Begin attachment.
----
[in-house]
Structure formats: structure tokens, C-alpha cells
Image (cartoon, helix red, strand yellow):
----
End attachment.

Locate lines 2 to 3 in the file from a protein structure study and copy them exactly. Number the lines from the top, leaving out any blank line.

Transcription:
Structure formats: structure tokens, C-alpha cells
Image (cartoon, helix red, strand yellow):